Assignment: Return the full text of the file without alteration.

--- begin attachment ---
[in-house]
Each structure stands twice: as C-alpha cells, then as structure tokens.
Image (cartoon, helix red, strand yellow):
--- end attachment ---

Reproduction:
[in-house]
Each structure stands twice: as C-alpha cells, then as structure tokens.
Image (cartoon, helix red, strand yellow):